It’s also important to note that Sharks Cove is not a beach; there is no sandy area to walk out and into the water from. The shoreline is made up of sharp rocks and because there is usually a bit of current, small kids should be very careful when entering the water as a lot of the rocks can be sharp.
|What You’ll See||Turtles, eagle rays, lots of fish, sharks, dolphins|
|Equipment available for rent at site||No|
Electric beach gets its name from the electric plant nearby. What makes this site such a hotspot for marine life is the huge, submerged exhaust water tubes from the electric plant. These tubes spew out warm water, which attracts fish, and as a result a lot of other, larger marine life. We went early in the morning and heard dolphins nearby, but unfortunately couldn’t catch a glimpse of them. There a couple of snorkel and dive tour boats in this area as well, which does attract more fish, but just be sure you’re popping your head up every once in a while and keep in mind where the boats are.Electric Beach is the hidden gem of snorkeling in Oahu! Dan from Circle Island Tour in 24 took Logan and I to this spot and it has now become my favourite snorkel spot on the island! There was not a single person in sight when we arrived at 7 in the morning, and still very few showed up after. This spot is not as well known as some of the other spots, and is a little bit hidden, so if you want to check it out be sure to get in contact with Dan from Circle Island Tour in 24 so he can show you some of the best snorkeling in Oahu.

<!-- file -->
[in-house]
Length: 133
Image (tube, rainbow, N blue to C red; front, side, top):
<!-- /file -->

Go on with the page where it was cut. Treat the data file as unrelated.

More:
Logan and I are already planning to take our scuba diving gear out here next time to get a closer look at some of the amazing life down there! The visibility is better than anywhere else I’ve ever snorkeled on the island!
|What You’ll See||Fish|
|Equipment available for rent at site||Yes|